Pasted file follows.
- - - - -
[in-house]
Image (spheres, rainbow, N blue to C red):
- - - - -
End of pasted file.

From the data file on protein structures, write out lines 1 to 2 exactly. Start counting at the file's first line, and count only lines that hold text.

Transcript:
[in-house]
Image (spheres, rainbow, N blue to C red):